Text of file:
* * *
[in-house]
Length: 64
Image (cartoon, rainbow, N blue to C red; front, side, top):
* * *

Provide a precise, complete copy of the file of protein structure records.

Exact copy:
[in-house]
Length: 64
Image (cartoon, rainbow, N blue to C red; front, side, top):